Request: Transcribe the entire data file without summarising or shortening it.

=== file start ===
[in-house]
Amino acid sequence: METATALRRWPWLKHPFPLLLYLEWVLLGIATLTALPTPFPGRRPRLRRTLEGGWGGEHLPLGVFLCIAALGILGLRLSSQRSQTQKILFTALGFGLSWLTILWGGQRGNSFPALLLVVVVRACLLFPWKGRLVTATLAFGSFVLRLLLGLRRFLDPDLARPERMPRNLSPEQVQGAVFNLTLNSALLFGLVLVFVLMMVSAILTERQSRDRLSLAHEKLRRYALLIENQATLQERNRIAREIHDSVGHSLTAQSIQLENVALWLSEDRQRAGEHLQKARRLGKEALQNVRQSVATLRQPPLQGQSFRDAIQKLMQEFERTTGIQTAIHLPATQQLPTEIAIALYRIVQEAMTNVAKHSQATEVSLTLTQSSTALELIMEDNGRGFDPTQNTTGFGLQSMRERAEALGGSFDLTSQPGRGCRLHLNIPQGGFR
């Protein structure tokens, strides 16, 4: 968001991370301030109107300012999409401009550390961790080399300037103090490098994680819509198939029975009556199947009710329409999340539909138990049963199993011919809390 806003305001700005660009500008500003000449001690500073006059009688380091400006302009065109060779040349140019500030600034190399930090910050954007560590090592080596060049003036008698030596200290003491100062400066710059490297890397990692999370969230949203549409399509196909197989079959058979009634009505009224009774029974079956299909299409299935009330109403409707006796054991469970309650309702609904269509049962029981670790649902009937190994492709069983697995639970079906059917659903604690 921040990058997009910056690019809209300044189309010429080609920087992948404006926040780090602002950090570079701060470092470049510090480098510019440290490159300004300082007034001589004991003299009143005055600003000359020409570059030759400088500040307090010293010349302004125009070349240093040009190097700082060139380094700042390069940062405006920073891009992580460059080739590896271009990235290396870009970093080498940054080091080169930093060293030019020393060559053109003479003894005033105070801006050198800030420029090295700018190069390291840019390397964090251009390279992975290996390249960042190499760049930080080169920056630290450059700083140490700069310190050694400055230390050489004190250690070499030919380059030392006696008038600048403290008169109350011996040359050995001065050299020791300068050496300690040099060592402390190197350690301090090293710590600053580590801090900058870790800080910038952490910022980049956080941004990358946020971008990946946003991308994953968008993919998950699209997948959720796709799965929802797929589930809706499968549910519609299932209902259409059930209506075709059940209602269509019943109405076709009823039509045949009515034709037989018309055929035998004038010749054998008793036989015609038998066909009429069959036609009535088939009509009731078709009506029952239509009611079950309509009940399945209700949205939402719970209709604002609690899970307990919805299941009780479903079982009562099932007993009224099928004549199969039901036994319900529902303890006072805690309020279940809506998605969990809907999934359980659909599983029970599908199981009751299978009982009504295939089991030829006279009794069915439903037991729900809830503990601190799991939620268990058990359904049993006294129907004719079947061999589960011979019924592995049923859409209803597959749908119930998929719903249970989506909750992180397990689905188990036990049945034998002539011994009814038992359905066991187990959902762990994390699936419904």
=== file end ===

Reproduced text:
[in-house]
Amino acid sequence: METATALRRWPWLKHPFPLLLYLEWVLLGIATLTALPTPFPGRRPRLRRTLEGGWGGEHLPLGVFLCIAALGILGLRLSSQRSQTQKILFTALGFGLSWLTILWGGQRGNSFPALLLVVVVRACLLFPWKGRLVTATLAFGSFVLRLLLGLRRFLDPDLARPERMPRNLSPEQVQGAVFNLTLNSALLFGLVLVFVLMMVSAILTERQSRDRLSLAHEKLRRYALLIENQATLQERNRIAREIHDSVGHSLTAQSIQLENVALWLSEDRQRAGEHLQKARRLGKEALQNVRQSVATLRQPPLQGQSFRDAIQKLMQEFERTTGIQTAIHLPATQQLPTEIAIALYRIVQEAMTNVAKHSQATEVSLTLTQSSTALELIMEDNGRGFDPTQNTTGFGLQSMRERAEALGGSFDLTSQPGRGCRLHLNIPQGGFR
């Protein structure tokens, strides 16, 4: 968001991370301030109107300012999409401009550390961790080399300037103090490098994680819509198939029975009556199947009710329409999340539909138990049963199993011919809390 806003305001700005660009500008500003000449001690500073006059009688380091400006302009065109060779040349140019500030600034190399930090910050954007560590090592080596060049003036008698030596200290003491100062400066710059490297890397990692999370969230949203549409399509196909197989079959058979009634009505009224009774029974079956299909299409299935009330109403409707006796054991469970309650309702609904269509049962029981670790649902009937190994492709069983697995639970079906059917659903604690 921040990058997009910056690019809209300044189309010429080609920087992948404006926040780090602002950090570079701060470092470049510090480098510019440290490159300004300082007034001589004991003299009143005055600003000359020409570059030759400088500040307090010293010349302004125009070349240093040009190097700082060139380094700042390069940062405006920073891009992580460059080739590896271009990235290396870009970093080498940054080091080169930093060293030019020393060559053109003479003894005033105070801006050198800030420029090295700018190069390291840019390397964090251009390279992975290996390249960042190499760049930080080169920056630290450059700083140490700069310190050694400055230390050489004190250690070499030919380059030392006696008038600048403290008169109350011996040359050995001065050299020791300068050496300690040099060592402390190197350690301090090293710590600053580590801090900058870790800080910038952490910022980049956080941004990358946020971008990946946003991308994953968008993919998950699209997948959720796709799965929802797929589930809706499968549910519609299932209902259409059930209506075709059940209602269509019943109405076709009823039509045949009515034709037989018309055929035998004038010749054998008793036989015609038998066909009429069959036609009535088939009509009731078709009506029952239509009611079950309509009940399945209700949205939402719970209709604002609690899970307990919805299941009780479903079982009562099932007993009224099928004549199969039901036994319900529902303890006072805690309020279940809506998605969990809907999934359980659909599983029970599908199981009751299978009982009504295939089991030829006279009794069915439903037991729900809830503990601190799991939620268990058990359904049993006294129907004719079947061999589960011979019924592995049923859409209803597959749908119930998929719903249970989506909750992180397990689905188990036990049945034998002539011994009814038992359905066991187990959902762990994390699936419904």